- Alpine Skiing
Germany's Maria Hoefl-Riesch harnesses her speed to grab silver in Sochi super-G
KRASNAYA POLYANA, Russia (AP) — Maria Hoefl-Riesch was almost skiing too fast for her own good.
Approaching the last jump on a tricky Olympic super-G course Saturday, the German racer had established a 0.14-second lead on eventual gold medalist Anna Fenninger of Austria.
- Full even replay – women’s super-G
- Anna Fenninger leaves field in her ‘cheetah dust’
- Anna Fenninger discusses her super-G gold
- Maria Hoefl-Riesch adds SG silver to combi gold
- Nicole Hosp holds on for super-G bronze
- Julia Mancuso eighth in super-G
- Women’s super-G medal ceremony
"My equipment was incredibly good. I was almost going too fast at the finish jump, I jumped so far I could not get the right direction to make the next gate," Hoefl-Riesch said. "Then the race was done for me. I just tried to stay in the race but I never thought it would be good enough for a medal."
Somehow, Hoefl-Riesch did make the next gate after landing that jump — the first part of the course visible to spectators in the finish area — and she finished 0.55 seconds behind Fenninger to claim the silver medal. She also won gold in super-combined and has two more races to go — giant slalom and slalom.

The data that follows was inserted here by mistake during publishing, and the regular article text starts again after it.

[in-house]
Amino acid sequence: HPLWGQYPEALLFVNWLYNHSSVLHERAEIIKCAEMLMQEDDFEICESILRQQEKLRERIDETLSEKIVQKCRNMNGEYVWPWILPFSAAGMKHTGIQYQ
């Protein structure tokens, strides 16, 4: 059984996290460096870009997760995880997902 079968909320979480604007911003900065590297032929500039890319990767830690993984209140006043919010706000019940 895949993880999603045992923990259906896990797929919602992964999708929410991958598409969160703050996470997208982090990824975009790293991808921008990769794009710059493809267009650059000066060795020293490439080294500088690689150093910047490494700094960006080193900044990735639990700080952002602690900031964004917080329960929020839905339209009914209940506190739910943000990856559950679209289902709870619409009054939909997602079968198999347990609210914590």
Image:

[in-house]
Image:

Embedded owg_slideshow: Sochi Olympics: Women's super-G
Hoefl-Riesch doesn't count herself among the favorites for the giant slalom. And while she's the defending champion in slalom, she's not able to dedicate training time to that event like specialists Mikaela Shiffrin and Marlies Schild do.
"The races with my biggest chances are behind us now," Hoefl-Riesch said. "No matter what happens next week, I go home very happy."
Hoefl-Riesch should also be happy about her career record at the Olympics. In a combined eight races at the 2010 Vancouver Games and these games, she has won three golds, one silver, and finished outside the top 10 only once — when she was 13th in Wednesday's downhill.
Only two Alpine skiers have won four golds at the Olympics — Janica Kostelic and Kjetil Andre Aamodt.
Embedded owg_slideshow: Sochi Olympics: Women's super-G medal ceremony
"You win a medal or nothing, and everybody knows that," Wolfgang Maier, Germany's Alpine director, said.
Long before she reached that final jump, Hoefl-Riesch had to navigate an extra obstacle — a course worker who was fixing a gate. She said it really didn't affect her skiing, because she saw that the worker was moving away from where she was skiing just in time.
"You always look one gate ahead so I saw him," she said. "But he was not on the race line so it didn't irritate me."
With Hoefl-Riesch's two medals, the German ski team is on course to match its haul from 2010, when it won a total of three — two golds for Hoefl-Riesch and another gold for Viktoria Rebensburg in the giant slalom.
Embedded video_content_type: Germany's Maria Hoefl-Riesch gold again
Rebensburg finished ninth Saturday and will again be a threat in Tuesday's giant slalom. On the men's side, technical specialist Felix Neureuther suffered whiplash in a car crash on Friday and was forced to delay his departure from Germany for a day.
"We knew before we come here that we can win — if everything works well — three medals," Maier said.
Best of Sochi
Best of Day 3